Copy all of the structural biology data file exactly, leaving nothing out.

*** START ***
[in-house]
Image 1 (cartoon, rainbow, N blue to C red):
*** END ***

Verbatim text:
[in-house]
Image 1 (cartoon, rainbow, N blue to C red):